SARAYA is one of Japan’s leading companies that implement the United Nations Sustainable Development Goals (SDGs). This is the fourth chapter of SARAYA’s SDGs interview series telling the story of those behind SARAYA and how they are working to achieve these goals. In this edition, we spotlight Nobuo Nakanishi, Researcher of SARAYA. Here is his story, and his approach to SDG №15: Life on Land.
I joined SARAYA as a researcher in 2004.
I was a graduate student at Osaka University School of Human Sciences studying international cooperation and was referred to SARAYA by my professor. In August 2004, Mr. Saraya, the president of SARAYA, learned of the biodiversity crisis of Borneo, Malaysia while being interviewed on a television show called “Wonderful Spaceship Earth”, an environmental documentary series, on a chapter centered around baby elephants wounded by human traps. Palm oil plantations were causing great damage in the fauna, destroying habitats, and SARAYA, although just one of many companies using palm oil, received many complaints despite being the only one that didn’t refuse to appear in the program.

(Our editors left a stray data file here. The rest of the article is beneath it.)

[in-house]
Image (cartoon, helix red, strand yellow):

They immediately started to seek solutions, looking for someone who could do research and come up with suggestions. I was appointed to that role and flew to Malaysia to research, helping them to establish two non-government organizations, the Borneo Conservation Trust (BCT) in Malaysia and the Borneo Conservation Trust Japan (BCTJ) in Japan. Ever since I have been involved with BCT’s Green Corridor Projects, buying pieces of land to conserve the wildlife in Borneo while I work as a researcher for SARAYA.